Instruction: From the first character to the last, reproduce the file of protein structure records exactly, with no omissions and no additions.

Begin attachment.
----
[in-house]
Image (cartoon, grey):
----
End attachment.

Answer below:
[in-house]
Image (cartoon, grey):